“From Addiction to Conversion,” Ensign, Aug. 1999, 62
Before I heard about the Church, I started using drugs as a young man in Brazil. Looking back, I now know that I was seeking an understanding of myself and of life that could come only from the Spirit of the Lord.
For a time, the drugs gave me the impression of having total control over my life. But the effects lasted only a short while, and soon I was more depressed than before. I drugged myself more and more heavily, and it seemed I was always either extremely excited or extremely down. My parents did not know what to do. Several times I thought about suicide, but I thank Heavenly Father that I never made an attempt on my life.
As time went on, I moved away to work in another city and eventually put together enough money to leave Brazil. I traveled to Israel and later to Europe, where I worked in factories, hotels, and farms. I made many friends, learned new languages, and felt full of adventure. Nevertheless, I used drugs whenever the opportunity arose.
I sent money to my sweetheart, and she came to Europe. We did not live the law of chastity, so our relationship was very confused. Shortly after we returned to Brazil, she became pregnant. We married; later, our son was born. However, even that was not enough to make me stop using drugs. My wife and I quarreled over my drug use, and my lack of education and professional skills caused financial stress.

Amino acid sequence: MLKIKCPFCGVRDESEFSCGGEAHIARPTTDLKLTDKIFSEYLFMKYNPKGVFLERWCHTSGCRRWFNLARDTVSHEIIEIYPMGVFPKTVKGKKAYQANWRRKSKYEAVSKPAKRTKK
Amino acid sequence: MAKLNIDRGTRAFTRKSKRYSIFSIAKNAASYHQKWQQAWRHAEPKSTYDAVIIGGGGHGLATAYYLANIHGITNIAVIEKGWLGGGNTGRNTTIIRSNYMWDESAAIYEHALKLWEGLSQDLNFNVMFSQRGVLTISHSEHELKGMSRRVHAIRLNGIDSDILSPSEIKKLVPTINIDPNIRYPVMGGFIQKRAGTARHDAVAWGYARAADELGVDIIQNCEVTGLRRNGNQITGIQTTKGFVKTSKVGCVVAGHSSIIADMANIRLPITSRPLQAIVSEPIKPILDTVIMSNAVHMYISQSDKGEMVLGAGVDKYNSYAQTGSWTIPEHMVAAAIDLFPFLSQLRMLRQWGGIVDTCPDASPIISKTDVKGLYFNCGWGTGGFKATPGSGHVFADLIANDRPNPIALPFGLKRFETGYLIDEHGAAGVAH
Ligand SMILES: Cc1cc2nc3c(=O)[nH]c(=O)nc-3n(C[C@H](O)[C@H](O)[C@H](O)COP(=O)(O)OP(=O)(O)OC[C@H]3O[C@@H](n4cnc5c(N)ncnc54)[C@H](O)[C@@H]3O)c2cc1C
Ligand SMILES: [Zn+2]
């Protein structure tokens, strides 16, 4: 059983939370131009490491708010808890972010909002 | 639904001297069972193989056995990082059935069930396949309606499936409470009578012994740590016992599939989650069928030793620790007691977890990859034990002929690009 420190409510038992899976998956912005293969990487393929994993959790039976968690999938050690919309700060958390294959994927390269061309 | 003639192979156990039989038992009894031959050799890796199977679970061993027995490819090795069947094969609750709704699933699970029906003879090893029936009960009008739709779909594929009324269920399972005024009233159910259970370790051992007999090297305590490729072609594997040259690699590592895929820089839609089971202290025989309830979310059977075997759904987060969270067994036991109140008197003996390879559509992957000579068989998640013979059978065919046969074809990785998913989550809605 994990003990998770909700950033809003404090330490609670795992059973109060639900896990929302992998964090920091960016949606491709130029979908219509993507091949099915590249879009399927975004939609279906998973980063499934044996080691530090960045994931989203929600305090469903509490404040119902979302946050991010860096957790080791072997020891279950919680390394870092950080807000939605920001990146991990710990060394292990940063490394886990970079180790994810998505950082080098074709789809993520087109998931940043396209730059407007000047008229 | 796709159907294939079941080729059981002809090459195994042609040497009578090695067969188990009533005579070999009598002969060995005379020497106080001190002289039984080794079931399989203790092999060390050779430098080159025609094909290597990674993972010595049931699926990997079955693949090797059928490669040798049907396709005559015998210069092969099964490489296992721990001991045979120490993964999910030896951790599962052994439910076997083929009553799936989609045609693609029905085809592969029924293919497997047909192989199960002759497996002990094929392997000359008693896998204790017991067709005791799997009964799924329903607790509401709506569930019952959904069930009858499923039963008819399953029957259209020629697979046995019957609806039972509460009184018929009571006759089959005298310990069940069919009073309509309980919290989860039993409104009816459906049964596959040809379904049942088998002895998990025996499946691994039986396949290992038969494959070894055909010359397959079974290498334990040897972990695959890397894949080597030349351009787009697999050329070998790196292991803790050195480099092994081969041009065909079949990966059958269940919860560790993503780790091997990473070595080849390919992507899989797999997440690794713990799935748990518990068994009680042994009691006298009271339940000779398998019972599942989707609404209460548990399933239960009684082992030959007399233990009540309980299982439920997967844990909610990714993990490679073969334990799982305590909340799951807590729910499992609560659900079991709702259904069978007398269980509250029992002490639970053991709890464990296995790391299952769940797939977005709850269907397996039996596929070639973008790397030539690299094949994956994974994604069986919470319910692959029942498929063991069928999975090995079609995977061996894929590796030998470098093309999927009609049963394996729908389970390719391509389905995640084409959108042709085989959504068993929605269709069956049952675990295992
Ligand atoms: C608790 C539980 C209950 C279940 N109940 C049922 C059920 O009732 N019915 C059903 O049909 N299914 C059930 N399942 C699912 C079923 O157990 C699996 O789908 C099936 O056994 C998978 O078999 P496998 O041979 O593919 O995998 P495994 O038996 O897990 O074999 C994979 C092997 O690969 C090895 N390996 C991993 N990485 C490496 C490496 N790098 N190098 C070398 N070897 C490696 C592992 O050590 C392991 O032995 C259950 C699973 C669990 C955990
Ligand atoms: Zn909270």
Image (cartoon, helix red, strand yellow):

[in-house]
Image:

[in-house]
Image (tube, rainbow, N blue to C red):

When we were at the point of separating, a miracle happened. At the time, we were friends with some neighbors who had seven-year-old twin daughters. When the twins turned eight, their mother invited us to attend their baptisms. We accepted the invitation because we liked visiting meetings of different religions. I realized that deep inside I felt a hope that something would happen to change my life.
At the baptismal service we witnessed the joy of the twins and their family and became friends with other members. Two missionaries asked if we wanted to hear the discussions, and we accepted. With each lesson, my wife and I became more and more amazed, and we acquired a testimony of what was being taught.
Even so, with all of those marvels happening in my life, I could not leave off drugs. I did not hide this from the missionaries, and I think their caring attitude was very important in my conversion process. In talking with them about faith, I came to understand that many things truly depend upon our earnestly seeking help. Drug use nearly destroyed my life, and only with Heavenly Father’s help was I able to break free of the addiction.
I suffered greatly and wish I had never started using drugs. In drugs, I had sought an understanding of myself. But drugs are a deadly counterfeit of the real warmth, peace, strength, and knowledge we gain through Heavenly Father’s answers to our prayers and the ministrations of His Spirit. My wife and I were baptized in 1991, and since then I have worked hard in the Church and in my employment. To this day, I pray often and with much faith, and I remain free of drugs.